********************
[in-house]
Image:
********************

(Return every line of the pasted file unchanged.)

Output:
[in-house]
Image: